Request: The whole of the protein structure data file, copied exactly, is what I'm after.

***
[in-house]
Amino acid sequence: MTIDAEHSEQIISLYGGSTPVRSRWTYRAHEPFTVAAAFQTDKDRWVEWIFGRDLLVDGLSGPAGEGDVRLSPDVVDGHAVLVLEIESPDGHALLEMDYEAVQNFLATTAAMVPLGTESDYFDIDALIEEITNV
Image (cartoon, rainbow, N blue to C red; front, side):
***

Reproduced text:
[in-house]
Amino acid sequence: MTIDAEHSEQIISLYGGSTPVRSRWTYRAHEPFTVAAAFQTDKDRWVEWIFGRDLLVDGLSGPAGEGDVRLSPDVVDGHAVLVLEIESPDGHALLEMDYEAVQNFLATTAAMVPLGTESDYFDIDALIEEITNV
Image (cartoon, rainbow, N blue to C red; front, side):